Babysitting: The Glory Days

       My younger sister is at the age where she’s beginning to build her babysitting career.  In helping her form a marketing strategy – hey, gotta put those business classes to good use – I began to reminisce on my own golden age of babysitting.

       Those were the days.  A few hours playing hide and seek with more or less well-behaved children, and you would walk away with cold, hard cash.  No taxes, no strings attached, it was all. yours.  Not to mention the perks of the job after the kids went to sleep: endless channels on the television and good snacks.

       Does anyone else miss those days?  As a senior soon to graduate into the real world, I  find myself mourning those times even more.  I didn’t even fully appreciate how good I had it!  Uncle Sam didn’t take half my pay and living at home meant I had no expenses.  I could spend my earnings on whatever my heart desired with nary a care in the world.  Besides, I knew I’d just make another $100 cash the next weekend.  What did it matter if I blew it all shopping with friends?

       Sure, changing dirty diapers wasn’t the most glamorous job and explaining to a worried mother that her son fell at the park was a situation to be handled with the utmost care.  It’s true that in high school I spent many a Saturday night cleaning up toys and doing a mountain of someone else’s dishes after putting the kids to sleep.  There is little more exacerbating than having a child patter down the stairs after you’ve tucked them in three times already and you’re finally sitting down to relax and watch a good movie.

       I liked it though.  To this day, kids seem to enjoy me and I always have a good time with them.  The great thing about babysitting is that you get to have fun with your charges and then you get to give them back.  No matter how poorly they behave, there is an end in sight, because they’re not your children!  Besides that comforting thought, you know there will be a glorious check with your name on it in just a few hours.  These two truths can get you through even the most challenging of tantrums.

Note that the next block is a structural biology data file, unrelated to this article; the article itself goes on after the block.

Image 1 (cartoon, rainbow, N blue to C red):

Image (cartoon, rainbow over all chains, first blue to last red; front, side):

Perhaps that’s why I’m still hesitant at the thought of having my own children: I’d get frustrated with them and think,

Well at least their parents will be home by 11pm and then I’ll be free!

or Where’s my cash for the day?

Except not.  Ah well, maybe I’ll mature one day.  If I do, let’s pray my future children never read this.

 

If anyone would like to hire me to hang out with their children and eat their snacks, my services are available immediately.

 

Why write?

Picture of coffee shop with people blogging and writing and taking notes. Coffee and tea on the table.

I’m somewhat embarrassed to admit that my earliest intentions to blog were not the best.  Rather than create for its own sake, I had a simple desire to emulate .

I wanted what others had: picture perfect lifestyles.  The bloggers I looked up to supported themselves from whatever beach they’d chosen to visit for the month.  Their bodies were flawless, their wardrobes enviable, and they had thousands of followers.

My eagerness to follow in the footsteps of these blogging deities led me to a rather naive conclusion.  It looked something like this: make a website, write about shoes, take pretty pictures.  Voila!  My life too would be perfect.

Except that’s not how it works.

It takes passion and a whole lot of grinding to give the appearance of effortlessness.  Hours of effort go into creating flawless.  Seeing the finished product and wanting it is easy – we didn’t have to do anything.

“I started with nothing and I didn’t make a dime for 2 years.” – Lauryn Evarts of The Skinny Confidential

Success comes from believing in our ideas.  It comes from being willing to out-toil the competitors because the belief in our work is beyond any doubt.  We must be willing to take our own path, not copy someone else’s.  Real achievement comes from a place of motivation more powerful than any incentive money can offer.

So I ask myself:  why do I want to blog?  Why write at all?

I’ve always had the aspiration to be an author.  It niggles in the back of my head like an itch that surfaces in sporadic bursts.  To make someday a reality, I need to improve my writing today.

Don’t wait for permission. Get started, write all the time — it’s the only way to get better, and it’s the best possible way to sounds more like yourself and develop your personal style over time. – Colin Wright

I want to have a record of travel and adventures.  The little details that are the best part of a trip are too often forgotten.  A well-written post with gorgeous photographs would provide a portal back to the experience.  It could also contribute towards others’ journeys.  By all means, please learn from my mishaps and varying degrees of packing success.

I’d like to share and explore ideas to reach a better understanding of them.  I’m looking to question and scrutinize and learn.  Blogging and posting provide a forum to achieve this aim.

On such an odyssey of inquiry, I look to connect with like-minded individuals. I can be a part of something larger than myself and pick up some knowledge along the way.  We all crave connection.  Maybe it’s possible to find it through writing.